So many of us go through life aiming to commit our life stories to print, yet so few manage to get past the hurdles involved before publication.
Yet that changed somewhat with the advent of the e-book and recent strides in self-publishing, and one of those who made the most of that open door was an old friend who died at the end of September after a long battle against cancer.
I knew John Blackburn through his love of Chorley FC, a club he invested so many hours in and whom I reported on for several years while working on local papers in Lancashire.
It was no surprise manager Garry Flitcroft, chairman Ken Wright, and a large number of Magpies fans were there to pay tribute at John’s memorial services, the sheer numbers of mourners suggesting the high esteem for the 64-year-old, also a keen cricket fan. And the weight of messages on fans’ website Magpies in Space told its own story.
‘JB’ was clearly respected by all those who came into contact with him, not just at his clubs, but also after 43 years as a librarian in Lancashire, for an ordinary guy who battled so hard to ensure returns to the terraces and boundary rope after diagnosis of an incurable cancer in late 2008.
Fans observed a minute’s silence in his honour ahead of a recent FA Trophy clash at Chorley, where John had in recent years – while confined to a wheelchair – handed the Jack Kirkland Trophy to the winning captain at a pre-season game with Preston North End.
During his recuperation he contributed to club programmes and his local daily and weekly papers. But he also published an account of his illness as a charity fund-raiser in the book Keeping your Sense of Tumour!
That title summed him up well, as JB always loved a good pun (and plenty of bad ones!), as anyone who met him at a match or read his football reports knew.
But Keeping your Sense of Tumour was much more, serving as an inspirational tale aimed at those undergoing similar woes, John stressing that being diagnosed with cancer – even an incurable form – ‘isn’t necessarily the end of the world’.
He proved that in a four-year battle with multiple myeloma – a cancer of the bone marrow – including an operation to remove a tumour from his spine, radiotherapy and chemotherapy treatment, pneumonia, toxic shock and even the ‘shingle tingle’, as he dubbed the after-effects of all that.
That covered his brave journey from the twinges in his back he felt in late 2008, just as he was set to retire – the pain gradually worsening and John’s leg seizing up, with medical investigations revealing he had a tumour on his spine, leading to his diagnosis.
The resultant book charts his up and down progress from hospital to nursing home and a return to his own home in those first three years of illness, showing how a positive attitude and the right support helped him cope and enjoy life again despite trying circumstances.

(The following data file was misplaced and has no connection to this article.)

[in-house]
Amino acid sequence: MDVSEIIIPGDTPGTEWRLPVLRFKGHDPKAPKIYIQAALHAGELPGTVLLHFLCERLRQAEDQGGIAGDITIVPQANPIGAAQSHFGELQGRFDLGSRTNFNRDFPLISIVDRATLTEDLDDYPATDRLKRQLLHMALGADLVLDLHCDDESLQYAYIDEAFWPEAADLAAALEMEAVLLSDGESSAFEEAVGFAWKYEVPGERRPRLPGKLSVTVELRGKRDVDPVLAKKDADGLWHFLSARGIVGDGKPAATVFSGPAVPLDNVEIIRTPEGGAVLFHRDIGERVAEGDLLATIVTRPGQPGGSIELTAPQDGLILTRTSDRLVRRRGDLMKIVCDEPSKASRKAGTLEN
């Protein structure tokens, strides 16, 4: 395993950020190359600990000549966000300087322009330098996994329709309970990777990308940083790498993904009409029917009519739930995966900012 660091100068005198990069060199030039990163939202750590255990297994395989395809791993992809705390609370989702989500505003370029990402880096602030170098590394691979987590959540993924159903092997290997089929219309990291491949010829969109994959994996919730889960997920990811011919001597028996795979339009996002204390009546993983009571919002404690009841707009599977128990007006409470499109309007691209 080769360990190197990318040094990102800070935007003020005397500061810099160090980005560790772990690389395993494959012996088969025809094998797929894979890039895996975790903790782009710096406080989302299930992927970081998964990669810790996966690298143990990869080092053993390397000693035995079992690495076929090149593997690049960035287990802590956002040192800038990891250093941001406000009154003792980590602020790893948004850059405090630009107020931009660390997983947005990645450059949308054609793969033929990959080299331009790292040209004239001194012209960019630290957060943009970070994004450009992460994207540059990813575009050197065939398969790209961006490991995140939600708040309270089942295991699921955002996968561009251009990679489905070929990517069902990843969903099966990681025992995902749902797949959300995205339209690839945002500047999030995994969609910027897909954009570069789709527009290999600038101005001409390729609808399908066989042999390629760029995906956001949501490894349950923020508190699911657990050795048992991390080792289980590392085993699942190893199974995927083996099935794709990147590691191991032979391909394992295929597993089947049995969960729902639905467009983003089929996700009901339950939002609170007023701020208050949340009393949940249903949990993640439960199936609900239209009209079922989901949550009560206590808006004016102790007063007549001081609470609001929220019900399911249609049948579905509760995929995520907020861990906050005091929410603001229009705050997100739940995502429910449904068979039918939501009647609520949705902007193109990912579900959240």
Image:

It was also written as a thank you to wife Su, his main carer in later times, and family, close friends and health workers of all grades who helped him. And the subject matter followed his journey from first signs and diagnosis onwards, told with plenty of light-hearted moments and above all extremely positive.
Along the way, John talks about his being ‘a hypochondriac by profession, but a devout coward by religion’, and many more almost tragi-comic JB-esque nuggets.
One fine example reads, ‘It had become my oft-repeated claim while in hospital that I hadn’t had a ‘drink’ since Christmas but had been legless since New Year.’
He adds of one doctor: ‘He made me walk up and down the ward, then stuck his finger up my bum and sent me home. Well, I think he was a doctor, he was wearing a white coat and carrying a clipboard, but sometimes when I think about it I wonder.’
It wasn’t John’s only publication, having also written Ave Maria – the first few steps on the way to becoming a Latin lover – maybe as an e-book, a light-hearted introduction to the Latin language. And who knows how many more books he might have produced in his retirement years if not for his illness.
John was always a pleasure to deal with. He’d often appear near the press box or wherever I sat with my pen and pad and grilled me on my last report for missing a key incident or my personal spin on an incident. He also gave me the odd précis of early drama if I showed up late, and I always knew to trust his version of the action.
With that in mind, I could almost hear that trademark JB chuckle the day before his funeral, having showed up at his crematorium send-off a day too soon. He’d have been impressed by that – not only showing up in good time, but 24 hours in advance.
John always treated me with respect and kindness (and a little gentle ribbing), and often asked about my family too. And that interest in others summed him up. He was a true gent, a good man, and a proper friend.
He’ll be sadly missed, and my thoughts remain with his family and close friends. But the rest of us have a permanent reminder of him too through his book, with Keeping your Sense of Tumour! available direct from firstname.lastname@example.org and Ave Maria via Amazon.
A version of this Malcolm Wyatt tribute was first published on the http://www.sportnw.co.uk website on October 5th, 2012.